Levels of Biodiversity
On average, a new species was discovered every three days between 1999 and 2009. This means that while we’re learning more and more about the creatures on our Earth, there are many more out there we have probably never met.
This means that the Amazon is an incredibly diverse place with millions of plants and animals living near each other. It is estimated that one out of every 10 known species lives in the rainforest. Let’s take a look at some of them…
The world’s largest known snake is the green anaconda, which lives among the streams and swamps of the Amazon. It can grow up to 29 feet long and weigh more than 500 pounds! While this kind of anaconda spends most of its days in the water, its eyes and nose are at the top part of its head.
This means he can still search and hunt for prey while swimming in the waters. Typically, these snakes will eat birds, pigs, and even large jaguars. After a large dinner, they can go months without eating.
Some of the strangest creatures in the Amazon aren’t always the biggest. Take the Silkhenge, for example. Here, we can see this tiny silk structure made by an animal. The only problem? Scientists don’t know what animal has made it!
These silk items can be found all over the Amazon with no clear indication who made them. While some people suspect they are made by spiders, no one can agree on what species is the main contributor of these little silkhenges.
No, this image isn’t photoshopped! This is a real photo of the Amazon River Dolphin. These weird creatures can be found in the waters along Bolivia, Peru, Ecuador, Venezuela, and Brazil. They are incredibly rare: it is estimated there are only roughly 10,000 in existence.
For some lucky travelers, you can organize a swim on the Delfin Amazon Cruise that provides the opportunity to swim alongside these fellas. It is unknown how long they will still be on our planet.
The Origins of a Name
How did the Amazon get its iconic name? Well, historians can trace it back to a Spanish soldier called Francisco de Orellana. Let’s go all the way back to 1541 when de Orellana became the first European to explore the region.
When collecting cinnamon and gold that he found in the area, he was attacked by a tribeswoman who was trying to protect her property. In a fluster, he named her an Amazon, after the female warriors named from Greek mythology. The name stuck and spread to name the entire region.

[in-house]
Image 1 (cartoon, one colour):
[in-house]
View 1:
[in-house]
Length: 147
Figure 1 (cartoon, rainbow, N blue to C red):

The Size Is Shrinking
In the last 50 years, the Amazon has shrunk by roughly 17%. This can be associated with deforestation and converting natural landscapes into farming cattle. While humans aren’t turning the space into apartments or Starbucks’, there is still a serious effect on the landscape there.
Even though there are plenty of places for animals and creatures to live and grow, it’s a trend we’re going to want to curb if we wish to reap the benefits of the eco-system. Sadly, humans are still destroying the region to search for oil and gold.
Increased Forest Fires
You might have heard recently about the increase in forest fires in the Amazon. Well, while these are somewhat normal and healthy for most forests, it can have terrible effects on citizens nearby.
Residents of São Paulo, Brazil, have been breathing black smoke due to some of the uncontrollable fires that have been waging for months in the region. In 2019 alone, the number of fires in the region saw an 84% increase, per the Washington Post.
Fancy A Swim?
If you don’t mind the anaconda and piranhas, then it is actually safe to swim in the Amazon river. In fact, if you chose to do it then you wouldn’t be the first to do so! In 2007, Time reported that a Slovenian man became the first person to swim its entire length.
Martin Strel spent 66 days swam the 3,300-mile journey at the age of 50. You’re probably wondering what diet he maintained to accomplish such a feat. Well, how does a glass of Slovenian wine sound?
How Many People Live There?
We’ve heard these tales about crazy tribes and monster men, but how many people do we know actually live in the Amazon? Well, it turns out it’s more than you might think. Global numbers estimate that around one million people live in the rainforest as part of indigenous tribes.
There are an estimated 400 different tribes each with their own customs and traditions. They can fish, hunt, and even have access to western education and healthcare. Even though most of them know about the first world, they prefer to remain to themselves.
A Small Change Will Be Catastrophic
With all this talk on climate change and global warming, scientists are debating just how much of an impact it will have on planet Earth. It turns out that it will be quite devastating.
If the Earth’s temperature rises by only three degrees on average, then it runs the risk of destroying around 75% of the entire Amazon rainforest. When will that be? Many believe we will reach that number within 100 years if we keep living the way we do.